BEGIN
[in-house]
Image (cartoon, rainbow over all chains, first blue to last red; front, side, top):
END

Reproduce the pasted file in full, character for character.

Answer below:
[in-house]
Image (cartoon, rainbow over all chains, first blue to last red; front, side, top):